A week after Donna Karan told the Daily Mail that in the wake of the Harvey Weinstein revelations, women needed to reflect on “how we present ourselves,” she told WWD that she was ‘exhausted’ and ‘confused’ when asked the question. Karan’s exact statement was:
I also think how do we display ourselves? How do we present ourselves as women? What are we asking? Are we asking for it by presenting all the sensuality and all the sexuality? You look at everything all over the world today and how women are dressing and what they are asking by just presenting themselves the way they do. What are they asking for? Trouble.”
It didn’t go over well. But in her first interview since the statement, Karan attempted to clarify her remarks. She said she answered the question in an attempt to “wriggle out” of commenting on Weinstein, who she knows through Chapman and that she was “really, really tired.” She discussed that, her relationship with Weinstein and Chapman, and her famous “asking for it quote” in an interview with WWD.
On her victim-blaming sound bite:
It was not what I meant. I [so regret] that that came out of my mouth because, as I was avoiding Harvey, and what [a] blur…I am really, really apologetic. I have been dressing women for 40 years and I show their sensuality, I have done it in my advertising campaign, I have shown it as a mother, as a grandmother, as a woman, [I’ve shown] her legs and her hosiery and her bras and her fragrance. And I have always had men and women together.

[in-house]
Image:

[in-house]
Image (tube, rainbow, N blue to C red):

WWD: I know.
D.K.: So the fact of what I said was — it was inappropriate and I just went off. And I shouldn’t have done it. I was exhausted, I was tired and — [when] it came back to me, I was shocked that I even said this myself. Because I was preparing in my mind what I was going to say in the theater. And I just went off on something that I shouldn’t have, and I apologize profusely. I regret it so strongly.
On talking to her grandchildren about the quote:
D.K.: I’m pretty embarrassed. They know me. They know Grandma. They know Grandma really well. And they said, “Grandma, that’s not you. We know you.”
WWD: How many granddaughters do you have?
D.K.: So I have three granddaughters and I have five grandsons.
WWD: You discussed this with them.
D.K.: Absolutely. Immediately. And I apologized to them profusely.
On her relationship with Chapman and Weinstein:
WWD: How well do you know Harvey? You called him and Georgina “wonderful people.”
D.K.: I met Georgina when Harvey called me when she was first going into fashion and I tried to help her in any way that I could. I see Georgina’s clothes. I think they’re absolutely beautiful. As a matter of fact, she just dressed Barbra [Streisand] for a concert, her last concert, and I was there. She’s an elegant, elegant, elegant woman. Harvey — we haven’t personally been friends. The only time I’ve really been with Harvey is at a screening he would do or something like that.
WWD: Had you heard the Harvey rumors, or was he not enough on your radar?
D.K.: Honestly I heard them in such bits and cracked pieces. l didn’t hear this whole thing on TV, I didn’t hear any of that.
WWD: I mean before. So many people now acknowledge that his predatory behavior was “an open secret.”
D.K.: Never. Never, never, never have I ever heard this about Harvey. Ever.
On seeing her quote for the first time:
… This is so not me. I was shocked. I was absolutely in a state of shock.
WWD: You mean at your own words?
D.K.: I said, “I said that?” That was the first thing out of my mouth. “What? I didn’t say that. That’s ridiculous.”